Somehow, you suspected this all along. There’s a special pit in hell for those who pushed tobacco and garbage food, especially on children.
I saw the change happen. When I was in Jr. High, soft drinks were not served anywhere in the school and the clear word was that they were bad for you. (But who could miss how many kids zipped across the street to the convenience store to buy a hit of bubbles?)
By the time I was a High School Senior, in 1970, Park High was getting a nice yearly check from Pepsi to have a soda dispensary right in the hall next to the cafeteria.
This is for folks in Boston area (or anybody who can find this brand) — the largest, most delicious and easily eaten Singo Korean Pear (sometimes spelled Shingo) has suddenly appeared on the markets here. We found it in an Asian supermarket in Union Square and then, more exciting, at Russo’s in Watertown.
This is the one you want to get. Easy serving for two or even three people. No hint of odd bitterness or uneven texture. Yummy.
Despite 15 degrees and a stiff breeze that made the smoke swirl into my face, I opened the Big Green Egg and we grilled:
16″ rack of ribs
4 chicken breasts
a whole pheasant
16 Market Basket sausages
foil packages of sweet potatoes and regular spuds from farm stands
sliced red peppers and zucchini for everybody
And as always, I swear the BGE has some sort of supernatural intelligence that allows a frantic like me to cook a heap of food with minimal attention and still wind up just a half-hour late with Duke Ellington’s 70th Birthday Concert playing behind the perfect procescco.
One of most popular Miles To Go posts, but damned if it doesn’t hold up swell.
A delightful chowder recipe.
Because it taught me a general lesson about condiment sauces.
The scoop: This is part of a new line of sauces that Whole Foods is introducing. the others did nothing for me, but this sounded intriguing — “White Pumpkin and Almond Murabba.”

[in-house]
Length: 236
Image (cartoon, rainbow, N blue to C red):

Now the last is a name I’ve never heard of. And the description (and rather low calorie count of a Tbsp: 20) sold me on it:
“This preserve is used for celebrations in Central Asia and Middle East. Versatile enough to be used as a treat at any time — pair it with buttery toast, crepes, game or pork. On puff pastry with feta for an exotic twist to palmiers. Drizzle over vanilla ice cream with wine-poached pears or roasted figs.”
(D had a telling response when she saw the jar at home: “Wine-poached pears? WTF??”)
But of course I stupidly missed the most important part of the label: the second listed ingredient is sugar, so although we got this cardamom, cinnamon, vanilla, nutmeg, mace … it’s essentially a kind of savory jam or jelly. Quite too sweet for me.
The lesson is that if a condiment/preserve goes well with just about anything, it’s some sort of jam or jelly thing. Which I don’t like.
Indeed, “murabba” is translated as “jam.”
It’s Boru BBQ — has a deliciously vigorous taste and style of its own. I know, I know — BBQ with Irish roots, what? But so consistently fine in the sample served in what I still call the Media Tent, that we are going to ask to be notified of all pop-ups and find out if they sell their dry rub. And if you see this place in operation somewhere — as they say: run, don’t walk.
(Before the students mob the place and make it impossible to get in.)
Hokkaido Ramen Santouka
The “small” sized combo plates will be plenty for most folks. Be sure to put your soft-boiled egg into the ramen (delicious enrichment!). The crispy, deep-fried chicken will sate all your memories of what this should taste like. [Edit] Lightest, least-gooey gyoza wraps ever — also, stuffing not mush, has meat texture. [Edit Edit] Website reference to families is spot-on. We saw lots of children enjoying the food as much as their parents and relatives.
Act before the first moving van arrives.